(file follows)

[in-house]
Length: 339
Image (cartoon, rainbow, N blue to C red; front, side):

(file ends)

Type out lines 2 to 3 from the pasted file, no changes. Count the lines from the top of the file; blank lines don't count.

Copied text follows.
Length: 339
Image (cartoon, rainbow, N blue to C red; front, side):